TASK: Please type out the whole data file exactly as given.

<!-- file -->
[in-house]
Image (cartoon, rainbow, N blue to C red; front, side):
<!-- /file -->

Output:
[in-house]
Image (cartoon, rainbow, N blue to C red; front, side):